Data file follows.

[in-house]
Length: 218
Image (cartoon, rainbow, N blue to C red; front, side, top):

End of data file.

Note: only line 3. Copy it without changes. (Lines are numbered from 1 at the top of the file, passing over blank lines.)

Image (cartoon, rainbow, N blue to C red; front, side, top):